Can I be self-employed with an IEC work permit?

  • The Working Holiday is an open work permit, so you are allowed to work for any employer in any relationship no matter as employee or self-employed (except, of course, in the jobs excluded on the work permit).
  • With the Young Professional, you are tied to a specific employer in Canada and you are not allowed to work for another employer or have a part-time job, even if it is a freelancer job.

The benefits of being a freelancer:

  • You can be your own boss.
  • The pay is better as you can set your own pay.
  • You can choose which projects you want to work on.
  • No fixed working hours, you can choose your own time. You have the flexibility to adjust the schedule so that you can make the most of your travelling life in Canada.
  • You can work anywhere you want.
  • As a self-employed person, you can deduct more expenses on your tax return. e.g. travel expenses, business licences, internet connection, mobile phone costs, etc. (Deductions are not possible for regular employees.)

The disadvantages of being self-employed compared to a normal employee:

  • You don’t get paid overtime.
  • You don’t get vacation pay, i.e. 4% of gross income
  • You don’t get holiday pay, which means additional pay per statutory holiday, of which there are 9 in Canada.
  • Mandatory CPP Contributions: Because you are your own employer you have to pay your part and the the employer’s part of the CPP (Canada Pension Plan) premiums.
      • For 2024 that is 5.95% + 5.95% in CPP premiums to a maximum of $7,735.  >> All years here << 
  • You are not insured at the workplace through the WCB of the employer in case of a work accident. You have to get your own health/accident insurance, which can be very expensive.
  • You have to get a liability insurance. Working in an office or at home is not a big deal not to have liability insurance, but for example if you are working as a contractor in construction or working on-site at your client’s home where mistakes can lead to a huge lawsuit, then liability insurance is imperative. The employer will always be off the hook as they  hired you as a contractor…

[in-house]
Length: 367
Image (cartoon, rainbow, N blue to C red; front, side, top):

• As a self-employed sole proprietor you are responsible for your mistakes and in case of a lawsuit the court can go after all your personal belongings including your personal bank accounts and assets like home or car.
  • You are not eligible for employment insurance (EI) benefits after you get laid off or your contract ends.
  • You are responsible for the payment of your own income tax to the CRA. The employers will not deduct any taxes.
  • The most important information: If you intend to immigrate to Canada via the “Canadian Experience Class” of the Express Entry program, then the self-employed time will not count towards your Canadian experience.
  • An employer can’t just get to decide: “I’ll hire you as an independent contractor so I don’t have to pay CPP, EI, vacation pay, overtime pay, holiday pay or other benefits, report your income, etc.”. That is called tax evasion. The CRA is very strict about the difference. They can decide if you are an employee or self-employed and overrule the employer.
    • Can you answer those questions with yes? Then you will be a regular employee.
      – Will the employer set the schedule for you?
      – Will the employer set the wage?
      – Will you work in the employer’s office or location and with all the tools and equipment provided by the employer?
  • In Canada, you don’t have to register a business name as sole proprietor if you use your personal name as your company name in the invoices. But if you write the invoice with a different name, it must be registered.
  • In some provinces you have to apply for a business license. To do this, you would have to inform yourself specifically about the requirements of the respective province.
  • If you make more than $30,000 self-employed income over four consecutive calendar quarters, you have to register for a GST/HST account, charge those taxes on your invoices and remit them to the Canada Revenue Agency (CRA) by filing a GST return in addition to the regular tax return. More info on the CRA homepage >> here <<.
  • As a sole proprietor it is your job to keep track of all income and expenses. 
  • The self-employment income is filed together with your personal tax return. You have to fill out a special form to report the self-employment income and expenses. Taxes are then calculated for the total income for the tax year. 
      • The link to the expenses that can be claimed >> here << 
  • A lot more information about the difference “Employee or Self-employed?” can be found >> here << 
  • Put about 30% of your earnings aside for the tax season. Then the tax bill doesn’t come with a big shock.